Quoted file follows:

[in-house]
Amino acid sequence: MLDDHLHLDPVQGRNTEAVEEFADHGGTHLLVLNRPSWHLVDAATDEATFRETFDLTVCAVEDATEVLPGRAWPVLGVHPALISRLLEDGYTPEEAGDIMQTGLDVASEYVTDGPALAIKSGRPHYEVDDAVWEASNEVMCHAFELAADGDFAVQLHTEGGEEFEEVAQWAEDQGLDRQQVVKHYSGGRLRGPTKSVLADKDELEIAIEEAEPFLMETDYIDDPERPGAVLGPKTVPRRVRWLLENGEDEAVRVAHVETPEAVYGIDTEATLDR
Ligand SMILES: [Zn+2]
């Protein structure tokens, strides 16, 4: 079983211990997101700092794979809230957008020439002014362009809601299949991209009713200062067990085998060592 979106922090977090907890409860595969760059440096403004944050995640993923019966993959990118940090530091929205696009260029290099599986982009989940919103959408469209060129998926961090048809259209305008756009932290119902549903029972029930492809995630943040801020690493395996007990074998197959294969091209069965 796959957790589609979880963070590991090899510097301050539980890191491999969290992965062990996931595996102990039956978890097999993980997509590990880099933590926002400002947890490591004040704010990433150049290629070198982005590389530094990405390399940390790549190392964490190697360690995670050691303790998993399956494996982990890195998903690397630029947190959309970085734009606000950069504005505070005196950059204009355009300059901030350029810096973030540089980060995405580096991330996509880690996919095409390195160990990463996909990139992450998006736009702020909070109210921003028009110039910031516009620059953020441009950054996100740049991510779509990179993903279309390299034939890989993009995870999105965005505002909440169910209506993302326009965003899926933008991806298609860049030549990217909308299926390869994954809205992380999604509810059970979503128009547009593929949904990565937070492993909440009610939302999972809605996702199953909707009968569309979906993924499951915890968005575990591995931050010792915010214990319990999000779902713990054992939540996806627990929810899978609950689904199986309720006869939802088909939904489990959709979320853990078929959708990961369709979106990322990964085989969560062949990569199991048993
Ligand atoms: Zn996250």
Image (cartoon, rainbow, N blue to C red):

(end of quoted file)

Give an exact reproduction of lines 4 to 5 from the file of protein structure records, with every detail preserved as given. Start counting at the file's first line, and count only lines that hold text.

């Protein structure tokens, strides 16, 4: 079983211990997101700092794979809230957008020439002014362009809601299949991209009713200062067990085998060592 979106922090977090907890409860595969760059440096403004944050995640993923019966993959990118940090530091929205696009260029290099599986982009989940919103959408469209060129998926961090048809259209305008756009932290119902549903029972029930492809995630943040801020690493395996007990074998197959294969091209069965 796959957790589609979880963070590991090899510097301050539980890191491999969290992965062990996931595996102990039956978890097999993980997509590990880099933590926002400002947890490591004040704010990433150049290629070198982005590389530094990405390399940390790549190392964490190697360690995670050691303790998993399956494996982990890195998903690397630029947190959309970085734009606000950069504005505070005196950059204009355009300059901030350029810096973030540089980060995405580096991330996509880690996919095409390195160990990463996909990139992450998006736009702020909070109210921003028009110039910031516009620059953020441009950054996100740049991510779509990179993903279309390299034939890989993009995870999105965005505002909440169910209506993302326009965003899926933008991806298609860049030549990217909308299926390869994954809205992380999604509810059970979503128009547009593929949904990565937070492993909440009610939302999972809605996702199953909707009968569309979906993924499951915890968005575990591995931050010792915010214990319990999000779902713990054992939540996806627990929810899978609950689904199986309720006869939802088909939904489990959709979320853990078929959708990961369709979106990322990964085989969560062949990569199991048993
Ligand atoms: Zn996250």